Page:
Edinburgh is it seems a city of cemeteries, best visited as I said in Monday’s post, on days like this. When the water droplets seem to condense from the air around you, and umbrellas are nearly useless.
I can tinker with the filters, bring out the richness that my camera cannot catch, or leave it out. The dark sodden colours of stone and moss can speak for themselves.
At other times, I try to get the vibrancy of dying leaves in low light, and with a flick of the camera phone, sometimes fail and sometimes succeed. Compare these two images, the first with a filter, the second, of the graves below the tree, without any manipulation:
This one, unfiltered, shows a close up of those strange physallis-like flowerheads. I wanted to pull one off and pocket it and take it home. But who knows what might come crying round at my window in the night, to claim it back again?
In this lower graveyard, the stones are green and black, from moss and smoke. The ground is black too, under the leaves and the grass. Churned by the rain and my unsteady feet.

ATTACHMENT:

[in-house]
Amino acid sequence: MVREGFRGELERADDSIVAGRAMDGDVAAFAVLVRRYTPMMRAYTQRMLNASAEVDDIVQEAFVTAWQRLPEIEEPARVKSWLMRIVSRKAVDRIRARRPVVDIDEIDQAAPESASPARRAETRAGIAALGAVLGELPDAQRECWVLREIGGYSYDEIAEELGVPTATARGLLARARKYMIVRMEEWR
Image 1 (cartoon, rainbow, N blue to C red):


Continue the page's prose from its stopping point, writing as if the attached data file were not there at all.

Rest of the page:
This is an old burial ground: as I said there has been a church on the site since at best guess the 850s AD. Twelve centuries of worship. Were there graves in those early days here? I imagine so. No visible sign remains. I found some stones that I thought looked to date from the sixteen hundreds, with angelheads with wings and mason signs. The record online might be able to let you know, if you are interested.
I explored only about half of the graveyard – the cold dampness nipping at me. Another time, definitely.
Up by the church, I saw people sitting apart on the steps, eating their lunches. Business people, it looked like, though the rain was as I said a miserable and constant drizzle. It seemed to make no difference, and I had seen people there from the upper graveyard in similar dreichness. I decided not to bother them with my photography. But you can imagine the hunched bodies on the damp steps, pushing wet sandwiches into their mouths. Seeking peacefulness, down here hidden away from the main road and the openness of the gardens.
Though it’s been a long time since anyone could say this part of Edinburgh was rural, I’m going to sign off with the open verse of ‘Elgy Written in a Country Churchyard‘ by Thomas Gray, suggested (and quoted down the phone) by my father.
The curfew tolls the knell of parting day,
The lowing herd wind slowly o’er the lea,
The ploughman homeward plods his weary way,
And leaves the world to darkness and to me.
Do you know of any other poems concerned with the specific peacefulness of a graveyard?